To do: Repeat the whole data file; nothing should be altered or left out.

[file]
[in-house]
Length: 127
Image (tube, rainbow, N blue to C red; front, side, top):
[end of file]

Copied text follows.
[in-house]
Length: 127
Image (tube, rainbow, N blue to C red; front, side, top):